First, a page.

Birth Control: It is a right, not a privilege
On Friday, Oct. 6, the Trump administration rolled back an Obama-era rule that required employers to provide their employees with birth control coverage without co-payments.
This was just another stepping stone to Trump’s personal vendetta to further diminish women’s rights, confirming just how deeply that ideology spreads throughout our government.
With this new ruling, the Departments of Health and Human Services, and Treasury and Labor will have a far easier time denying contraception coverage if they have a “religious or moral obligation” to their employers.
In 1991, Trump spoke to Esquire regarding the media. “You know, it doesn’t really matter what they write as long as you’ve got a young and beautiful ass.”
In 1997, Trump purchased the Miss USA beauty pageant, and told Howard Stern, “If you’re looking for a rocket scientist, don’t tune in tonight, but if you’re looking for a really beautiful woman, you should watch.”
With remarks like these, belittling women so harshly and objectifying them, how can we expect Trump to respect us and our right to decide what we should choose to do with our body?
President Donald Trump’s attack on the birth control rule is no different than his attack on Deferred Action for Childhood Arrivals, the transgender military ban, Affordable Care Act and many more that he has pushed since taking office in January. He is filled with rage, resentment and hatefulness toward anyone he does not favor as seen on many instances on both Twitter and live videos. And, in this case, his rage is directed toward women having control over their bodies.
To make matters worse, these changes went into effect immediately. The Trump administration felt discussing it with the public prior would be “impracticable, unnecessary, or contrary to the public opinion.”
But what rationalizes them to make this assumption? Who are they to decipher what is “unnecessary” for the public to know when, in fact, it affects us, the public the most? The administration went on to claim many arguments justifying this callous act. They were insistent on asserting how coverage of contraception leads to more “risky sexual behavior” among teenagers and young women. Sounds like bulls–t to me.
According to a 2015 study by the Kaiser Family Foundation, 71 percent of Americans support the ACA contraceptive coverage requirement. Seventy-seven percent of women and 64 percent of men reported support to no-cost contraceptive coverage. In the United States, more than half of women are insured either as the primary beneficiary or as spouse/dependent, or through an employer-sponsored plan, according to a study done by the Kaiser Family Foundation.
The new rule will allow any business, university or other organization to opt out without having to notify the government. In the Obama administration employers made the choice to not pay for their employee’s birth control, the employee’s were then provided coverage directly from the insurance companies at no cost of the beneficiary. But now, thanks to the Trump administration, that became optional for employers.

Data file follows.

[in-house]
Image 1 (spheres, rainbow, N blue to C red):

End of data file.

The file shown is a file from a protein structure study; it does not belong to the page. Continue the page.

So many young women fear what their other options are for obtaining birth control after they graduate, but now they are at risk of losing their contraception while still attending a higher education institution.
So many female students are reliant on their university providing them with affordable contraception. What options do they have now? The Trump administration is so fast in relinquishing vital rights and access from women yet they offer no alternatives.
Let’s put into consideration how women who use contraception for alternate reasons are also at risk. Birth control offers many advantages, such as reducing/preventing: Acne, bone thinning, iron deficiency, cysts in the breasts and ovaries, endometrial/ovarian cancers, infections in the ovaries, fallopian tubes, uterus and finally, premenstrual syndrome.
What about the contraceptives that tend to more niched needs? Some women require more estrogen, iron, and many other specifics, in their contraception that make it more difficult to be attained, which can come with an even greater price tag.
The thought of this ruling already being in effect without any prior warning is disturbing enough. But one can’t help to think, what’s next?
The Trump administration doesn’t want women to have abortions, and now they want to put more limitations on the accessibility to contraception? How are we, as women, supposed to protect ourselves from unwanted pregnancies when they keep taking away our options? How long do we have until they try to take away Plan B (emergency contraceptives) from us?
It’s hard to be optimistic in a presidency where a man with an administration that has no intention of prioritizing women’s rights is running this country. Dwelling on this keeps me up at night wondering if the worst has truly yet to come.